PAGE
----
Structural basis of transcription-translation coupling and collision in bacteria

Science. 2020 Sep 11;369(6509):1355-1359. doi: 10.1126/science.abb5036. Epub 2020 Aug 20.


Prokaryotic messenger RNAs (mRNAs) are translated as they are transcribed. The lead ribosome potentially contacts RNA polymerase (RNAP) and forms a supramolecular complex known as the expressome. The basis of expressome assembly and its consequences for transcription and translation are poorly understood. Here, we present a series of structures representing uncoupled, coupled, and collided expressome states determined by cryo-electron microscopy. A bridge between the ribosome and RNAP can be formed by the transcription factor NusG, which stabilizes an otherwise-variable interaction interface. Shortening of the intervening mRNA causes a substantial rearrangement that aligns the ribosome entrance channel to the RNAP exit channel. In this collided complex, NusG linkage is no longer possible. These structures reveal mechanisms of coordination between transcription and translation and provide a framework for future study.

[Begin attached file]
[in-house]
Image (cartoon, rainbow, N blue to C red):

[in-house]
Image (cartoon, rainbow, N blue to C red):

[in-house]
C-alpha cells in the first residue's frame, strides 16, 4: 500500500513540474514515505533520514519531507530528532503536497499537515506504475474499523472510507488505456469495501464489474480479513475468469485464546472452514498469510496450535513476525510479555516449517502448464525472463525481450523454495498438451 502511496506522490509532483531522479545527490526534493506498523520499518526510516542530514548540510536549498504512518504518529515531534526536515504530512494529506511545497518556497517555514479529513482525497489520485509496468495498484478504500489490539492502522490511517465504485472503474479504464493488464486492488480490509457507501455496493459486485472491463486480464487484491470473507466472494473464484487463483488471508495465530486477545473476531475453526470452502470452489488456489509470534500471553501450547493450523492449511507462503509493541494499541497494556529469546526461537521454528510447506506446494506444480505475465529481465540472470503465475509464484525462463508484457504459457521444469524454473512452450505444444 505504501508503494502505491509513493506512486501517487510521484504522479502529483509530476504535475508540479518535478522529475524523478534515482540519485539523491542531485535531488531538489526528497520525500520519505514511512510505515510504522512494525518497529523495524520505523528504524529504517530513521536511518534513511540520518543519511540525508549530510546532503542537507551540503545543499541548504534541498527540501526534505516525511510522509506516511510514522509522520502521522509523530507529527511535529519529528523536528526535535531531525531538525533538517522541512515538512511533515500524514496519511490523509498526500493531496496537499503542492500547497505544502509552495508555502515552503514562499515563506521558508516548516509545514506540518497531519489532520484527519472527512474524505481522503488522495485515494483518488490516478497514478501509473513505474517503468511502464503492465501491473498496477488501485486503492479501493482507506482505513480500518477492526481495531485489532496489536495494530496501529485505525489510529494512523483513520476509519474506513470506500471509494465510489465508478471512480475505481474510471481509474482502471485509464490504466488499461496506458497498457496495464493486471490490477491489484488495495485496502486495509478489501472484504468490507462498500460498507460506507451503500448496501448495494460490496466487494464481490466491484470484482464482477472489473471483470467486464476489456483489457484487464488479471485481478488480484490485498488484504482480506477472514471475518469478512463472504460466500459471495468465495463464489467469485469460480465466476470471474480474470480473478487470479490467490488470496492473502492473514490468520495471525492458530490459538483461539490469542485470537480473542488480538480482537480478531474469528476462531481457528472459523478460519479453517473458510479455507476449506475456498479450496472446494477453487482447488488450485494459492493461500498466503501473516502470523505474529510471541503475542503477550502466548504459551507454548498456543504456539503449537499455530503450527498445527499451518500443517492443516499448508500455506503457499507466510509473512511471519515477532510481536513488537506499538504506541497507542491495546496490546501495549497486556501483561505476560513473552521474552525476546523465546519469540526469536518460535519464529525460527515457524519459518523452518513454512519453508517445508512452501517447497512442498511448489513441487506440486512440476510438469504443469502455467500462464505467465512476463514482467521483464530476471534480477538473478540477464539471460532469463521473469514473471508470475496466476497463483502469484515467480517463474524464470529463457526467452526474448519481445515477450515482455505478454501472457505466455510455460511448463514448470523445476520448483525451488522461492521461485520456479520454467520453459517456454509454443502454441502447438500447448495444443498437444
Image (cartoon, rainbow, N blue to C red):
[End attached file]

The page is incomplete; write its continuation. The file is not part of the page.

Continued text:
Publication types

  • Research Support, Non-U.S. Gov't

MeSH terms

  • Cryoelectron Microscopy
  • DNA-Directed RNA Polymerases / chemistry*
  • Escherichia coli / genetics*
  • Escherichia coli Proteins / chemistry*
  • Gene Expression Regulation, Bacterial
  • Peptide Elongation Factors / chemistry*
  • Protein Binding
  • Protein Biosynthesis*
  • Protein Conformation
  • RNA, Messenger / chemistry
  • Ribosome Subunits, Large, Bacterial / chemistry
  • Transcription Factors / chemistry*
  • Transcription, Genetic*


  • Escherichia coli Proteins
  • NusG protein, E coli
  • Peptide Elongation Factors
  • RNA, Messenger
  • Transcription Factors
  • DNA-Directed RNA Polymerases